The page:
What's the typeface used on American street addresses
April 30, 2018 6:40 AM   Subscribe

Thinking about the last season of Twin Peaks, I was wondering what the distinctive font is that is used for street addresses, like the 3 and the 6 here. There are street numbers in a similar style on houses in California and other places, and I wonder where this started.
posted by johngoren to Society & Culture (16 answers total) 18 users marked this as a favorite
There's a similar font used in these house number tiles. The general style looks like Art Nouveau.
posted by pipeski at 8:09 AM on April 30, 2018

Well, it's technically not a font, because it's not type. But those are just standard house numbers. You can buy them at Home Depot.
posted by kevinbelt at 9:16 AM on April 30, 2018

Right, but why are they the standard? Numerals in that style are nearly ubiquitous for house numbers and (as far as I can tell) almost never used in other places. What's the history behind them?
posted by a mirror and an encyclopedia at 9:37 AM on April 30, 2018 [3 favorites]

This is an interesting question, and I haven't found as much of an answer as I hoped when I started looking. So far I can't drum up a name for that particular house number character type, though I recognize it as well from random houses I've personally walked past, certainly in Portland, OR and I'd reckon when I've walked around other cities.

I made a quick go at identifying the type through automatic font search stuff like What The Font by cobbling together images from that Home Depot product page into a sample image, but got no close match, just various brush-style fonts with similar open 6 and 9 character and then stuff much further form the mark. If there is a canonical name for the type, or the source type its taken from, that would make it easier to try and track down the tradition of use, but this seems like it might require an actual domain expert to identify and name (or explain the lack of name for) that numeral style.

As far as the "why", which seems like the most interesting bit, the best I've been able to do so far is find a possible parallel example: when Portland reworked its street addresses city-wide around 1930, that included the creation of a standardized numeral tile set for displaying the new house numbers, e.g. these ceramic tiles. As a result, this particular number style is ubiquitous in Portland.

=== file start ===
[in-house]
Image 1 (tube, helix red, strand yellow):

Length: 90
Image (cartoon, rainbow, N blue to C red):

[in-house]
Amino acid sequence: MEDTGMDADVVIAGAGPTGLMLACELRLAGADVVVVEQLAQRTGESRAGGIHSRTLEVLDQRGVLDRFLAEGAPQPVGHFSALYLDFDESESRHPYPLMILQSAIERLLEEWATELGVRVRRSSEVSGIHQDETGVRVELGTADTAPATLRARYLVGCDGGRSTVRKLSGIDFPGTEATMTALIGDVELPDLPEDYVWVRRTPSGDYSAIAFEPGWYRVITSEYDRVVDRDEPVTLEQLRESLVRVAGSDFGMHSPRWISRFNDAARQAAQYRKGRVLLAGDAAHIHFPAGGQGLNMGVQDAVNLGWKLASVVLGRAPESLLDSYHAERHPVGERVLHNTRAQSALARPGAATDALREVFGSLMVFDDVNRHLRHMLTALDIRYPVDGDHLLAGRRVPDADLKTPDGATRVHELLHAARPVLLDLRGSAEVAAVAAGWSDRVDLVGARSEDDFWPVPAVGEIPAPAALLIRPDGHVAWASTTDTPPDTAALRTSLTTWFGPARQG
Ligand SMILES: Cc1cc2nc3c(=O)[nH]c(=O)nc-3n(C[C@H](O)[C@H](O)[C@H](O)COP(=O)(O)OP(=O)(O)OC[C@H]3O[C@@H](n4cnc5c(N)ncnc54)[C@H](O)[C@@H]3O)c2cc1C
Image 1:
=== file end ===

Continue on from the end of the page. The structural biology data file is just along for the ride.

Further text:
posted by cortex at 10:22 AM on April 30, 2018 [5 favorites]

I would guess the number forms come from sign painting tradition. So the named type came after.
posted by pernoctalian at 10:32 AM on April 30, 2018 [2 favorites]

There's a piece here that talks in general terms about numbers reflecting the design trends when houses of a certain style were first built, which for the US will include a lot of early 20th-century styles.

Another aspect may be that they replicate wrought iron or hammered brass (most obvious in the open 6 and 9) which was common for various bits of house hardware.
posted by holgate at 10:53 AM on April 30, 2018

I could have sworn that I read something at one point about that particular style reflecting a chinoiserie trend of the time, but I’ll be darned if I can figure out where I saw that. But I can see the letters as Americanized “brush stroke” forms (here’s a good example of a few characters of that style together).
posted by stefnet at 1:25 PM on April 30, 2018

It's not quite the same as a street sign, but Milwaukee has distinctive, uniform address tiles on most of the older houses, two/three flats, and businesses around town.
posted by spinifex23 at 6:41 PM on April 30, 2018